âAt Otway, we’ve been fortunate to have been open for five years before closing and to have a well-established day and baking program in addition to our dinner menu,â shares Safer. âIt allowed us to shut down dinner and put all of our energy into breakfast, baking and selling wine, which was legal during much of the pandemic. “
Safer has removed the popular Otway cafe window for the time being in favor of diners re-entering the space, but Omicron’s fears weigh heavily on the mind of the small business owner.
âThe industry is going to have a hard time after this wave of Omicronâ¦ being in early 2022 dreading payrolls with the majority of employees taking sick leave – I can’t imagine how we’re going to pay for it all. “
Two entirely different restaurant concepts, Maison Yaki and Olmsted, are both owned by restaurateur Greg Baxtrom and share the same street in Brooklyn’s Prospect Heights, on opposite sides. Olmsted is revered for its lush green garden and inventive uses of local produce, while Maison Yaki combines French cuisine with Japanese flavors. At least that’s what the two restaurants were known for before the pandemic.
Once it became apparent that things were heading south, Baxtrom was forced to lay off its entire staff of 60. He then began working with the LEE Initiative, a foundation that helps restaurants nationwide provide meals to restaurant workers on leave. Olmsted began operating as a food bank before eventually adding a concept of a grocery market in the same space called the Olmsted Trading Post. Meanwhile, Maison Yaki launched a pop-up series featuring eight local black chefs spinning in the kitchen.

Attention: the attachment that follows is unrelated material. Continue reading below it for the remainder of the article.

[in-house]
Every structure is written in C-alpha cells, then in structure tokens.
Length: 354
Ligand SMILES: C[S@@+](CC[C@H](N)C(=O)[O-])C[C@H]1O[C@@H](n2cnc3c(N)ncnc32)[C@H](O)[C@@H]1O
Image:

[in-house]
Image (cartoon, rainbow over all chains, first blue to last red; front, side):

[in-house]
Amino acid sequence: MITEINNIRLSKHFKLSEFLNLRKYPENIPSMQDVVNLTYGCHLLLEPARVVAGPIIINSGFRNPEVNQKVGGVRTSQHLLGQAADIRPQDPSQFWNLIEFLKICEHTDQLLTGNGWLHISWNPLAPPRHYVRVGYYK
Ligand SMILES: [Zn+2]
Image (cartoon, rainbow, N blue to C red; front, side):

In the summer the two restaurants finally reopened and the same team even launched a new bakery in the same neighborhood called Evi’s BÃ¤ckerei. Its doors opened several days before Christmas, now serving yeast donuts and other German-inspired baked goods.
Small but welcoming restaurant in Manhattan‘s NoHo district, Bessou rightly means âsecond homeâ in Japanese. Its menu is (equally fitting) inspired by owner Maiko Kyogoku’s childhood in New York City, with flavors that transcend the traditional boundaries of Japanese cuisine.
During the pandemic, Kyogoku had to make the difficult decision to close the doors to this second home for several months, as she and Bessou chief Emily Yuen retreated to their respective first homes after giving birth. Yes, that’s right: the owner and chef found out around the same time that they were pregnant.
Before and after the reopening, Bessou partnered with charities such as Heart of Dinner to provide hot meals to those in need. âIt’s a way to connect and cook with my parents, especially since I haven’t seen them since the pandemic,â Yuen said recently. Charm in reference to their continued partnership with Heart of Dinner. “In Chinese culture, cooking is a way of showing love, so in a way, I show love to my family.”
A Harlem landmark, Red Rooster is known for reliably serving quality comfort food such as shrimp and oatmeal and chicken and waffles, as well as for its roaring jazz brunches. He’s also known to be the beloved idea of ââcelebrity chef Marcus Samuelsson – one of the few familiar culinary names who still seems to use his platform for good, including his work as a Harlem co-founder. EatUp!
Samuelsson’s philanthropic streak was only strengthened during the pandemic, as he teamed up with fellow chef JosÃ© AndrÃ©s’ World Central Kitchen to distribute free take-out food almost every day to everyone who came. claim them.
More than a decade after its debut, Red Rooster remains a vital part of one of New York’s most vibrant and diverse communities.